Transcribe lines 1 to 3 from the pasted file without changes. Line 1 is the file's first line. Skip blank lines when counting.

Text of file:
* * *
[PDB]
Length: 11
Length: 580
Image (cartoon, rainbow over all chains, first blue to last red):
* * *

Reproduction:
[PDB]
Length: 11
Length: 580